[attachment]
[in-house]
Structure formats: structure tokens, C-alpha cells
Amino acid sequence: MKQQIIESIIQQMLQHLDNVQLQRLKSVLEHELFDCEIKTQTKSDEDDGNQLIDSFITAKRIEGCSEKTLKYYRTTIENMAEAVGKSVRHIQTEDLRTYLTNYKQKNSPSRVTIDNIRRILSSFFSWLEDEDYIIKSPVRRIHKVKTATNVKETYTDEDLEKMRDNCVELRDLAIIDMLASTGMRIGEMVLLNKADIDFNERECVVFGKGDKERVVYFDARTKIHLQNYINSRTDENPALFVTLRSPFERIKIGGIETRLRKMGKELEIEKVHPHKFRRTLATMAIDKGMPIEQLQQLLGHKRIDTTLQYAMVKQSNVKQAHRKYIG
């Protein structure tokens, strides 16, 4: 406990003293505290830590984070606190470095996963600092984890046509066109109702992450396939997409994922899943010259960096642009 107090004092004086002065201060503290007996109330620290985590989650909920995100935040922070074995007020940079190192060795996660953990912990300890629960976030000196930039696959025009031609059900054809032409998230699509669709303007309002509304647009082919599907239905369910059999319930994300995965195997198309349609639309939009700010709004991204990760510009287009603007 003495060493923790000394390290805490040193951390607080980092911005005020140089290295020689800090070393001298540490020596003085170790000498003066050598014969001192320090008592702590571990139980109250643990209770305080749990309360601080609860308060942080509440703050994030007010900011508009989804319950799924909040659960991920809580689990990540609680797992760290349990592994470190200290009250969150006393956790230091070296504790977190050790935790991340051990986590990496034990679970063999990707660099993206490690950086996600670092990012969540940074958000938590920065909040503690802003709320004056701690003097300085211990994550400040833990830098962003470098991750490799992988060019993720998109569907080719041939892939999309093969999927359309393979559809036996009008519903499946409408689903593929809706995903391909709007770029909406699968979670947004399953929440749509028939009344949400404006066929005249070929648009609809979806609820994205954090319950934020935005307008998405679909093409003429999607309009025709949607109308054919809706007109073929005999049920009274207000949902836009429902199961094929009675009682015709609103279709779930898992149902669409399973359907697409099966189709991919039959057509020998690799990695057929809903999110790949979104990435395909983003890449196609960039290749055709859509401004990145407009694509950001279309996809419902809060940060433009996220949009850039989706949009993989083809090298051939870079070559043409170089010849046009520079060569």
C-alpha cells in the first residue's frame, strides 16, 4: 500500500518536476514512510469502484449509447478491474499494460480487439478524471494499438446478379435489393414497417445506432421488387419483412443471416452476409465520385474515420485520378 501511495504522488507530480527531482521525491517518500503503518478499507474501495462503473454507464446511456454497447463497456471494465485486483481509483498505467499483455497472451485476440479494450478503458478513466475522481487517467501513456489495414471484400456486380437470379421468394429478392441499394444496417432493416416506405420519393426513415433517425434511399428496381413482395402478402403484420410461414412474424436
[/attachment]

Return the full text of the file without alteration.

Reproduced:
[in-house]
Structure formats: structure tokens, C-alpha cells
Amino acid sequence: MKQQIIESIIQQMLQHLDNVQLQRLKSVLEHELFDCEIKTQTKSDEDDGNQLIDSFITAKRIEGCSEKTLKYYRTTIENMAEAVGKSVRHIQTEDLRTYLTNYKQKNSPSRVTIDNIRRILSSFFSWLEDEDYIIKSPVRRIHKVKTATNVKETYTDEDLEKMRDNCVELRDLAIIDMLASTGMRIGEMVLLNKADIDFNERECVVFGKGDKERVVYFDARTKIHLQNYINSRTDENPALFVTLRSPFERIKIGGIETRLRKMGKELEIEKVHPHKFRRTLATMAIDKGMPIEQLQQLLGHKRIDTTLQYAMVKQSNVKQAHRKYIG
């Protein structure tokens, strides 16, 4: 406990003293505290830590984070606190470095996963600092984890046509066109109702992450396939997409994922899943010259960096642009 107090004092004086002065201060503290007996109330620290985590989650909920995100935040922070074995007020940079190192060795996660953990912990300890629960976030000196930039696959025009031609059900054809032409998230699509669709303007309002509304647009082919599907239905369910059999319930994300995965195997198309349609639309939009700010709004991204990760510009287009603007 003495060493923790000394390290805490040193951390607080980092911005005020140089290295020689800090070393001298540490020596003085170790000498003066050598014969001192320090008592702590571990139980109250643990209770305080749990309360601080609860308060942080509440703050994030007010900011508009989804319950799924909040659960991920809580689990990540609680797992760290349990592994470190200290009250969150006393956790230091070296504790977190050790935790991340051990986590990496034990679970063999990707660099993206490690950086996600670092990012969540940074958000938590920065909040503690802003709320004056701690003097300085211990994550400040833990830098962003470098991750490799992988060019993720998109569907080719041939892939999309093969999927359309393979559809036996009008519903499946409408689903593929809706995903391909709007770029909406699968979670947004399953929440749509028939009344949400404006066929005249070929648009609809979806609820994205954090319950934020935005307008998405679909093409003429999607309009025709949607109308054919809706007109073929005999049920009274207000949902836009429902199961094929009675009682015709609103279709779930898992149902669409399973359907697409099966189709991919039959057509020998690799990695057929809903999110790949979104990435395909983003890449196609960039290749055709859509401004990145407009694509950001279309996809419902809060940060433009996220949009850039989706949009993989083809090298051939870079070559043409170089010849046009520079060569």
C-alpha cells in the first residue's frame, strides 16, 4: 500500500518536476514512510469502484449509447478491474499494460480487439478524471494499438446478379435489393414497417445506432421488387419483412443471416452476409465520385474515420485520378 501511495504522488507530480527531482521525491517518500503503518478499507474501495462503473454507464446511456454497447463497456471494465485486483481509483498505467499483455497472451485476440479494450478503458478513466475522481487517467501513456489495414471484400456486380437470379421468394429478392441499394444496417432493416416506405420519393426513415433517425434511399428496381413482395402478402403484420410461414412474424436